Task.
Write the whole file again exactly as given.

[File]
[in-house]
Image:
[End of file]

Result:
[in-house]
Image: